I’ll grab a warm cup of coffee, get under a cozy blanket and watch as many hours as I can before one of my crew wakes up to start his or her day.
Then I quickly turn it off.
It’s my guilty pleasure. I can watch for hours and go room to room with these folks as they clutter one space and then the next with books, papers, boxes and tubs filled with mementos, baby clothes and knick knacks from years gone by.
I’m certain, but for the fact my husband can’t stand “stuff,” I’d be a hoarder.
You see, I totally respect a hoarders reasoning behind holding onto mounds of “important papers,” because who knows when one might get audited. And if I ever do, I plan to use that faded, parking receipt as a business tax deduction, because every dollar counts. Not to mention, somewhere in one of those boxes, I’ve got that piece of paper that I once got when I once bought that thing that came with a warranty. Because if it ever breaks, and I remember I bought a warranty, I’m going to need that paperwork.
And like any good mother, I’ve got every handcrafted art project that my children have ever made. I’ve got macaroni glued necklaces, ornaments made from popsicle sticks and more Thanksgiving turkeys made out of handprints than anybody could possibly need. But just in case, I’ve kept them all.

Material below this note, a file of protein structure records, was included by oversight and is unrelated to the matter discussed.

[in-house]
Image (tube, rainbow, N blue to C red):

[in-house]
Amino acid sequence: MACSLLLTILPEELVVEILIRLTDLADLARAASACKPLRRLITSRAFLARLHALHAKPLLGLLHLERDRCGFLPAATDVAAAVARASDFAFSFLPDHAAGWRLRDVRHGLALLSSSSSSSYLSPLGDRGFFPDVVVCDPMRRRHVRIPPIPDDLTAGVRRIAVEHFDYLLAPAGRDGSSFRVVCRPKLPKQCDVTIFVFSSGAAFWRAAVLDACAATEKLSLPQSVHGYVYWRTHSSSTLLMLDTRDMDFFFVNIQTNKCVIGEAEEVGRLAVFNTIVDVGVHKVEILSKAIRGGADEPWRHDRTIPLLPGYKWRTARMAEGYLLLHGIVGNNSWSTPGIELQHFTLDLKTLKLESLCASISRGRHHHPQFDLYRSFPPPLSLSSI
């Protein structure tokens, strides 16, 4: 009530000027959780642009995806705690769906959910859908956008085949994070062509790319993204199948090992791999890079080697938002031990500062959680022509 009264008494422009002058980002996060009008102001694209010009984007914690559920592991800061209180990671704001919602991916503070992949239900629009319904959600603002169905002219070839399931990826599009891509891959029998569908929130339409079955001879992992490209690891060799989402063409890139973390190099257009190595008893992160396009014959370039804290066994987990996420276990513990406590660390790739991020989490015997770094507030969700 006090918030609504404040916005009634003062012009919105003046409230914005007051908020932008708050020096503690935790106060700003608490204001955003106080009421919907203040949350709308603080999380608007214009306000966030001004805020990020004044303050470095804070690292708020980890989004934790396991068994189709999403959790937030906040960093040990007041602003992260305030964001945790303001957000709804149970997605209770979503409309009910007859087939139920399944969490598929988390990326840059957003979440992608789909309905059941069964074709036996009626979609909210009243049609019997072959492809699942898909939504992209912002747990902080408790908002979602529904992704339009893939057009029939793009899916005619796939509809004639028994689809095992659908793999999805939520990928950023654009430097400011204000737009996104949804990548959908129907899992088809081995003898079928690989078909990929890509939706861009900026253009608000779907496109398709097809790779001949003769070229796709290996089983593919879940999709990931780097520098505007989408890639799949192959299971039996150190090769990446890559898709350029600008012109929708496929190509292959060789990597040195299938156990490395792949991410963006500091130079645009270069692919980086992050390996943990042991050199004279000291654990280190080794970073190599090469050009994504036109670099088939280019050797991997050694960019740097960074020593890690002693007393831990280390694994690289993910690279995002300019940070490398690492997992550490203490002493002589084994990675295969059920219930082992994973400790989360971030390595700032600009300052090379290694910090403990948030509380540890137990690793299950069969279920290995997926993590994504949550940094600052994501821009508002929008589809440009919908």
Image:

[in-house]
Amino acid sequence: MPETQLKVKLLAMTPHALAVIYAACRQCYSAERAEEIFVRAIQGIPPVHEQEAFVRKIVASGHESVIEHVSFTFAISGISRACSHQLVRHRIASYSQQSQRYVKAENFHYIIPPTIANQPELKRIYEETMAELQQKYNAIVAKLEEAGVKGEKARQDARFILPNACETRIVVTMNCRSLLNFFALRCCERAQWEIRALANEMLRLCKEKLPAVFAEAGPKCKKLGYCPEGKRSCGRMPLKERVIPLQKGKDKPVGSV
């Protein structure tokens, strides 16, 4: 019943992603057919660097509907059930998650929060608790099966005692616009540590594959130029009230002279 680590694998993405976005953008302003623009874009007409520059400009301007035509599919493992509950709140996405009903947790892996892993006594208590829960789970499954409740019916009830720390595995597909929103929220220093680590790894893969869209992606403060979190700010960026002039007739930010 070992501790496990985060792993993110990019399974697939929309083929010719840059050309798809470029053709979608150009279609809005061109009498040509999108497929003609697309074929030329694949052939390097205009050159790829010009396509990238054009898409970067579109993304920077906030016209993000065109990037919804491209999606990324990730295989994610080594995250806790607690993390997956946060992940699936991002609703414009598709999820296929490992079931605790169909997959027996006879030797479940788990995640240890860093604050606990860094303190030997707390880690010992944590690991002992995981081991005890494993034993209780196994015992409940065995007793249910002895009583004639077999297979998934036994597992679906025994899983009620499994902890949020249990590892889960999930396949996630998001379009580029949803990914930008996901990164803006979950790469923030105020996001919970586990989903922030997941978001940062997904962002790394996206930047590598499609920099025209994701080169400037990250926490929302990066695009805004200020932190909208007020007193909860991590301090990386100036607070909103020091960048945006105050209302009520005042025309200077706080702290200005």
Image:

Our attic is filled with computer monitors from the ’90s, printers that no longer work, boxes that the old televisions came in and every book I’ve ever read, because how can one possibly throw away books? Not to mention, a Christmas tree we no longer use, because the stand is broken and someone’s bassinet – that to this day – we can’t figure out to whom it belongs. Both of which, might come in handy at some point.
It’s enough to drive a good man crazy.
And, every year, it just about does.
Right about the time when he can’t take it anymore, my clutter-free husband will arrive home with large, black garbage bags. The garbage bags are large enough to fit a full-sized wife in, so I immediately catch his drift. He then demands “the drawers be cleaned out, the tubs be gone through and everyone goes through their closets because we are donating to Goodwill.”
Only to be driven more insane when we each return a limp, barely filled bag with a few scraps of paper and one pair of shoes that the dog chewed.
He, on the other hand, has filled his garbage bag to the brim.
Thankfully, when he isn’t looking, I’ll go through his bag and save his stuff.
One day, when he is sitting in that audit, dressed in that tangerine-colored tie that was always just a little too short – the one I saved – and I bring out that faded receipt, he will thank me.
Comments? Email Angel Kane at [email protected] Becky Andrews and Kane are the brains behind Telling Tales, a weekly column in The Democrat.